Friends of the Anclote River
P.O. Box 2555
Tarpon Springs, FL 34688


 

 
----- Original Message -----
Sent: Friday, February 11, 2005 7:12 AM
Subject: Friends/Anclote group: Friends of the Anclote River press conference on February 10

The Anclote River and its bayous have been the central feature of Tarpon Springs from the earliest days of its settlement.

The first paragraph of the history of Tarpon Springs as briefly stated on the Citys web site says this:

The beauty and the rich natural resources of the area attracted the first settlers to Tarpon Springs just after the Civil War. 
These settlers established homes along the banks of the Anclote River and around the inland bayous.  Samuel E. Hope became the first landholder here when he acquired property along the north bank of the river in the mid 1860s.  He
was soon followed by the Thompson and Meyers families.

The first landowner in the area, Capt. Samuel Hope, was my great-great grandfather.  The Anclote River provided the means for my ancestors and other early settlers to reach Tarpon Springs before the advent of the railroad or the
invention of the automobile. 

The early life of our town centered around the river and its bayous.

It provided fish for our forefathers tables, it provided a means of transporting passengers and freight, it provided recreation for boating, swimming, fishing, and exploring.  It provided an escape from the routine of daily life.

All the people of the state have the right to use and enjoy the navigable waterways and the state owns the land beneath those waterways as a public trust. 

Our local elected officials have a duty to protect our environment and to manage the development of our city. 
For reasons unknown to us, they have chosen to jeopardize the health of the Anclote River and further jeopardize our travel on U.S. Highway 19 by approving the construction of a Wal-Mart Supercenter on a large undeveloped piece of land on the Anclote River.

After consulting with attorney John Grandoff, of the firm Hill, Ward, and Henderson, and our land use planning expert, Jan Norsoph, of the firm of Englehardt Hammer and Associates, it is our opinion that we have a number of strong legal grounds for the circuit court to reverse the split decision of our city commission.   We have retained attorney Phil Campbell of the law firm of Schumaker, Loop and Kendrick to file suit challenging the action of the Board of Commissioners.

The mayor and commissioners who voted to approve the Wal-Mart Supercenter in a General Business zoning district have strived in the local press to convince the citizens that:

1.  Only a few citizens were against the Wal-Mart project;

2.  It is better to have us ordinary citizens sue the City than for them to face Wal-Mart in court; and

3.  They had no choice but to approve the Wal-Mart Supercenter project.

Of the 62 persons who endured the several hours of City staff advocating the approval of the Wal-mart project before being given a chance to voice their concerns, 52 of them had Tarpon Springs addresses.  Of those citizens who spoke in favor of the project, only one had a Tarpon Springs address.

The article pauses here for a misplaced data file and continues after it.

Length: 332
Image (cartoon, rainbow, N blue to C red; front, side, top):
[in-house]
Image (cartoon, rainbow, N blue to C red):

The officials who voted for Wal-Mart have also tried to portray the opposition group as being mainly outsiders - not residents
within the City limits.  Even though none of us here today have the kind of deep pockets that intimidates our City Commission, a great number of residents in the City have contributed funds to allow us to challenge our City Commission in court. 

The huge project proposed by Wal-Mart will affect many who travel along US 19 even though they may not reside in our fair City.  The monstrously large Wal-Mart Supercenter will most certainly affect those who will see and hear the 24-hour operations of the giant store from across a small body of water, even though they do not reside inside the city limits.  These citizens are a part of our community; they worship with us, their children attend our schools, they shop in our stores, they belong to our service and civic clubs.  Furthermore, many of these families are in the Tarpon Springs Planning Area, Water/Sewer service area, and our fire department's service area.  Clearly, they have a right to be heard in this controversy.

To portray these families as outsiders is the thinnest of arguments.

Secondly, those officials who supported Wal-Mart have adopted the mantra that they were saving us from a perceived
lawsuit with the financial giant.  The threat of litigation should have no place in the decision of whether or not a giant super store should be allowed in a General Business zoning district.  Equal protection under the laws means nothing if it does not mean that a fair hearing requires the city to base its decision on the evidence and not on the financial resources of those at the hearing.  Over 200 communities have turned down WalMart Supercenters.  I don't know of any that have lost to Wal-Mart in court.

And thirdly, if our city commission has no discretion in the site plan approval process, then why go through the charade of a hearing?   Why do we elect a commission if the city's attorney and planning staff make the decisions?

In the process of speaking out against the Wal-Mart Supercenter, the many concerned citizens have formed the Friends of the Anclote River.  None of us alone has the financial ability to fight this legal battle alone.  We have received donations from more than a hundred concerned citizens to help us pay for our attorneys and experts.  We are asking for donations of any amount to help us fight to preserve the natural beauty of this quaint little river that flows through our unique and beautiful City.  

 

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